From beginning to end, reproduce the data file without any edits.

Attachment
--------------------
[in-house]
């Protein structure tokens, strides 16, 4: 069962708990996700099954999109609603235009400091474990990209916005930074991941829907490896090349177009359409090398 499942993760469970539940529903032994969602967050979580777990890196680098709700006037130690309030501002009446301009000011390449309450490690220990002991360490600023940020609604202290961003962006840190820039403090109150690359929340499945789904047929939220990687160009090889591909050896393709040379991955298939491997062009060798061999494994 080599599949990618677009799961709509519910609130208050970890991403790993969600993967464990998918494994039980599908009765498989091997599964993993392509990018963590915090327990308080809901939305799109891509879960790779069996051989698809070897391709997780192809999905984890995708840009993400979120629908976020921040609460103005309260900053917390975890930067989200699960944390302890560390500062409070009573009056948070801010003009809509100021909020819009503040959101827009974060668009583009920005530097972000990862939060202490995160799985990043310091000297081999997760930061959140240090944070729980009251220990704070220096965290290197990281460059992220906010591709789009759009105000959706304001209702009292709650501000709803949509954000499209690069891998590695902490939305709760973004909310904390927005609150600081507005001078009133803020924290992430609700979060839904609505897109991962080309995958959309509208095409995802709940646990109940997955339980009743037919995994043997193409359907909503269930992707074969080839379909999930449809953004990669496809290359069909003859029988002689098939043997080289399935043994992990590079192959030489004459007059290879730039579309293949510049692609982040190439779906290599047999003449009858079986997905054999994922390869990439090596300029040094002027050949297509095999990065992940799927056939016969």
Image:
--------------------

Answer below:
[in-house]
């Protein structure tokens, strides 16, 4: 069962708990996700099954999109609603235009400091474990990209916005930074991941829907490896090349177009359409090398 499942993760469970539940529903032994969602967050979580777990890196680098709700006037130690309030501002009446301009000011390449309450490690220990002991360490600023940020609604202290961003962006840190820039403090109150690359929340499945789904047929939220990687160009090889591909050896393709040379991955298939491997062009060798061999494994 080599599949990618677009799961709509519910609130208050970890991403790993969600993967464990998918494994039980599908009765498989091997599964993993392509990018963590915090327990308080809901939305799109891509879960790779069996051989698809070897391709997780192809999905984890995708840009993400979120629908976020921040609460103005309260900053917390975890930067989200699960944390302890560390500062409070009573009056948070801010003009809509100021909020819009503040959101827009974060668009583009920005530097972000990862939060202490995160799985990043310091000297081999997760930061959140240090944070729980009251220990704070220096965290290197990281460059992220906010591709789009759009105000959706304001209702009292709650501000709803949509954000499209690069891998590695902490939305709760973004909310904390927005609150600081507005001078009133803020924290992430609700979060839904609505897109991962080309995958959309509208095409995802709940646990109940997955339980009743037919995994043997193409359907909503269930992707074969080839379909999930449809953004990669496809290359069909003859029988002689098939043997080289399935043994992990590079192959030489004459007059290879730039579309293949510049692609982040190439779906290599047999003449009858079986997905054999994922390869990439090596300029040094002027050949297509095999990065992940799927056939016969």
Image: